One key theory of the out-of-body experience (OBE) is that it is an imaginal experience, in part explained by the possession of better visual imagery skills by experients (OBErs) compared to non-experients (non-OBErs) (Blackmore, 1984). However, the research on this issue provides a mixed picture: Irwin (1980) found no evidence to suggest that OBErs were any more habitual 'visualizers' or 'imagers' than the normal population. OBErs also scored lower than the norms for that group would predict on a questionnaire assessing vividness of visual imagery. Blackmore (1983a) found no differences between OBErs and non-OBErs on a vividness of imagery scale, and no differences between a second OBE and non-OBE sample on Gordon's (1949) Control of Imagery Questionnaire. Some supporting evidence for Blackmore's (1984) thesis is available. Alvarado and Zingrone (1994) did find that vividness of mental imagery was positively correlated with the OBE. Further evidence in support of better imagery skills in OBErs includes Blackmore's (1983a) finding that OBErs were better able to switch viewpoints in imaginary scenes, although they did not remember scenes any more frequently from above than at eye-level. Cook and Irwin (1983) found that OBErs were better at judging how an object would appear from different perspectives, but found no relationship between having an OBE and performance on the Necker Cube Fluctuation Test of imagery.
A finding by Blackmore (1983b) that OBErs report more hypnagogic imagery than non-OBErs is sometimes cited as evidence for better imagery skills in OBErs. However the question used to assess this ('Have you ever experienced very vivid and realistic images just before going to sleep?') addresses experiences rather than measuring any specific imagery skill. It also presents problems of interpretation as many people who have an OBE might equate that experience with the one posed in the question. Both Irwin (1986) and Blackmore (1987) have found that people who dream as though they were spectators have more OBEs though there were no differences in the waking use of different viewpoints. Hunt et al. (1992) found a relationship between the OBE and performance of block design and embedded figures tests. Blackmore (1994) cites the findings of Irwin (1986) and herself (Blackmore, 1987) as generally confirming the predictions from her psychological theory of the OBE (Blackmore, 1984), although this glosses over the failure of an appreciable number of her own and other studies to find differences in the visual imagery skills of OBErs and non-OBErs.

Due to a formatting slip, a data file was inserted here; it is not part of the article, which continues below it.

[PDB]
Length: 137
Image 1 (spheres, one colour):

The strongest evidence for better visual imagery skills in OBErs seems to be that offered in self-reports than actual performance on visual imagery tasks (Blackmore, 1983, 1987). This presentation will focus on a study designed to put this self-report evidence to objective measurement and test: namely one on paranormal belief and visual imagery.
In the study a total of 46 students completed a questionnaire on paranormal belief. They were then administered Blackmore's (1987) Imagination task, in which they were asked to imagine a number of familiar environments and their ability to switch imagined viewpoints within the scene (e.g. from eye-level to an above, over-head viewpoint). Next participants viewed a series of images displayed on a computer screen. The pictures were comprised of two sets: an OBE set in which participants first saw an eye-level picture followed by four overhead views of the same object (but in which the position of the object varied); and a recognition set in which one picture was followed by a choice of four from which the participants had to pick the image previously seen. After viewing the target image, participants were required to choose the corresponding image from the subsequent choice of four. They were asked to do this as quickly as possible as their response time was being measured. The findings of this study indicated that there was a positive correlation between the self-report on the imagination task and actual performance on the computer task for the OBE picture set. However, there was a negative correlation between belief in the paranormal and number of correct choices on the OBE picture set.
The latter finding is interesting for two main reasons: first, because there is a body of literature demonstrating certain 'faulty' probabilistic reasoning and task performance patterns by people high in paranormal belief (e.g. Musch and Ehrenberg, 2002); second, because OBErs tend to report higher levels of paranormal belief than non-OBErs (e.g. Tobacyk et al. 1982, Glickson, 1990). Given that people who report prior OBEs tend to score on average 50% higher on measures of paranormal belief than non-OBErs (see Murray and Fox, 2004), this leads us to hypothesize that OBErs will not demonstrate the same positive correlation between self-report on Blackmore's imagination task and performance on the computer task, and that OBErs will perform below that of a non-OBE sample. The presentation end with a brief comparison of the findings from this study and similar trials run with OBErs.
|Murray, C., Fox, J., & Wilde, D. (2005). Do out-of-body experients have better visual imagery skills than non-experients? 29th International Conference of the Society for Psychical Research: Abstracts of papers (pp. 20-21). University of Bath, UK.|